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Labour Party wins UK elections


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Britain’s Labour Party, after 14 years in the political wilderness, has finally handed a brutal defeat to the ruling Conservatives.

Leader of the opposition Party, Mr Keir Starmer is now certain to become prime minister in the coming hours, replacing his Conservative Party counterpart, Rishi Sunak, who has presided over one of the worst electoral losses in British political history.

Speaking as drawn broke in London, he said Labour would offer “the sunlight of hope, pale at first but getting stronger through the day.”

Meanwhile, Sunak has conceded defeat, saying the voters had delivered a “sobering verdict.”

With almost all the results in, Labour had won 410 seats in the 650-seat House of Commons and the Conservatives 118.

As election night rolled through the small hours, the scale of Labour’s win sharpened into focus.

A reliable exit poll published late Thursday found Labour on course to win 410 seats — just eight short of its highest-ever total.

The Conservatives were projected to win just 131 seats, which would be the worst result in its almost 200-year history.

Labour’s victory was confirmed at around 5am when it secured the 326 seats necessary for a parliamentary majority. The precise scale of its victory is still being figured out as vote counts continue throughout the country, NBC reported.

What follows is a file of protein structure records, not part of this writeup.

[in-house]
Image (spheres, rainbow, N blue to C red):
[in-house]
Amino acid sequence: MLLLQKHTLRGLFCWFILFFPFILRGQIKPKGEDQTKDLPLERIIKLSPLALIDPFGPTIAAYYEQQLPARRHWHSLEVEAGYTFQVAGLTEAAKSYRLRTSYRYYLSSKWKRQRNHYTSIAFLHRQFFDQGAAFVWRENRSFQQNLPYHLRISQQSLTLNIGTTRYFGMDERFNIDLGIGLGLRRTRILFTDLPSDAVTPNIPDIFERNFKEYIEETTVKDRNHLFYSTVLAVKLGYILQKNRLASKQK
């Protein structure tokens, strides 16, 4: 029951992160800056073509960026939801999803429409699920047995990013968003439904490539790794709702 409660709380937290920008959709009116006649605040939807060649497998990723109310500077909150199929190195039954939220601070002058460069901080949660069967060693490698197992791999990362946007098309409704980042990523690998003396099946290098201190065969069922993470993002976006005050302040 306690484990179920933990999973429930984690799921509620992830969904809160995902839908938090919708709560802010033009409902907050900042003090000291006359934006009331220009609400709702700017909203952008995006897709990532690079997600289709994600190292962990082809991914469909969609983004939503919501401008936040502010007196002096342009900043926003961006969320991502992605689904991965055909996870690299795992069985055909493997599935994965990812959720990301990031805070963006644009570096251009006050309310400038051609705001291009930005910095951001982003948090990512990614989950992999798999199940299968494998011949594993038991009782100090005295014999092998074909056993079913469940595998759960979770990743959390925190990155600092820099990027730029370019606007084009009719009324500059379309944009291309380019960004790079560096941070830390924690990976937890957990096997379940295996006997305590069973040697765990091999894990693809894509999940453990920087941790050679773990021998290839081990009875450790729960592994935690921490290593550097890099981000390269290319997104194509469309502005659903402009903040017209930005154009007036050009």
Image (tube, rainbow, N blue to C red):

The polls indicated a catastrophic election for the Conservatives, who were projected to win the fewest seats in their history, at 131.

Unlike the U.S., Britain has no monthslong transition.

At some point Friday morning, Starmer will head to Buckingham Palace to be appointed prime minister by King Charles III, a formality in Britain’s constitutional monarchy.

News helicopters will follow his car as it wends its way through London’s ancient streets, flanked by police outriders. It will be Charles’ first post-election prime ministerial appointment, a private meeting that typically lasts just 30 minutes.

His late mother, Queen Elizabeth II, saw 15 leaders come and go during her 70-year reign.

However, Sunak and his family will leave No. 10 Downing St., where the prime minister lives and works. Traditionally the outgoing leader leaves a handwritten note wishing his successor luck.


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